Parents confused by NACS partial delay

Northwest Allen County Schools only put middle and high school students on a 2-hour delay. The elementary schools went on time.

Posted: Jan. 10, 2018 11:04 PM

FORT WAYNE, Ind. (WFFT) - Ice Wednesday morning caused many schools in northeast Indiana to delay at the last minute.

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Northwest Allen County Schools only put middle and high school students on a 2-hour delay. The elementary schools went on time.

Many parents in the district were confused by the decision.

"It was a little weird to kind of see my kids on time with it being a little icy this morning," said B.J.. Vayavong, a NACS parent.

"I thought it was pretty unusual, but it was probably wise," said Jill Shaw, another NACS parent.

Shaw, whose children attend a NACS elementary, was one of many parents who were confused by the way NACS operated on a two hour delay for some students.

"It was really icy this morning. We almost slid down the driveway getting into the car," she said.

NACS Chief Communications Officer Lizzette Downey said when administrators were checking roads Wednesday morning, things were fine.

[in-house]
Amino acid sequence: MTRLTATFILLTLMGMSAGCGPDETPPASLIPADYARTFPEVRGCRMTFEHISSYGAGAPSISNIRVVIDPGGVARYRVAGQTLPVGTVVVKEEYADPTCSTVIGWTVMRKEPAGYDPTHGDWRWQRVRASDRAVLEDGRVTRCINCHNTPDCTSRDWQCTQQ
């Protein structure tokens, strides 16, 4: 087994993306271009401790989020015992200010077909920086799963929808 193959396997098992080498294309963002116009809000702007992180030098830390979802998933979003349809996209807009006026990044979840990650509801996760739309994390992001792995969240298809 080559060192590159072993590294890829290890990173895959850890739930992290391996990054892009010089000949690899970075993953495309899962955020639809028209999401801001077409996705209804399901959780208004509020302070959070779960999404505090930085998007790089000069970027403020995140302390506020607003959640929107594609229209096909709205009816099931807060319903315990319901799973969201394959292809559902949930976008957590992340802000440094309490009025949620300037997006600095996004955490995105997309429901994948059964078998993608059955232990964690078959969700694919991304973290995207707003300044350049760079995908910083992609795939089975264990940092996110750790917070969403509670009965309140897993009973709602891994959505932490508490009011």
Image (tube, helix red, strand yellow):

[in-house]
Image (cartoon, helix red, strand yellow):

However, it wasn't until after the elementary buses were about half way done with their routes when the roads started to get bad.

"Bus drivers were saying 'Hey, this is slick and things are changing quickly.' We advised them to pull over if they needed to. Then by 6:50, we knew there was a problem and we needed to act," Downey said.

"My wife called me a little after 7 and talked about how icy it was and how the kids were getting on the bus and falling on their butts everywhere," said Vayavong.

The timing of Wednesday's rain and ice couldn't have come at a worse time for some.

Fort Wayne Community Schools stayed on time because the ice hit well past their 5 a.m. deadline to call for a 2-hour delay.

The Indiana Department of Transportation said they couldn't get ahead of because it all started as rain, which would wash the salt off the road.

Downey said hopefully the partial delay will be a one time thing.

Despite it being confusing, parents think it was the right call for the moment.

"It was probably still a good move even if they didn't delay for the younger kids, the high schoolers were not driving," said Shaw.

"As long as the kids were safe, that's all that matters," said Vayavong.

NACS wasn't the only district to make a late decision to delay.

Some schools farther north made the call at the same time, only sending the buses that were out back home.

Downey said that wasn't an option at NACS because because many parents already went to work and couldn't drop kids off unexpectedly.

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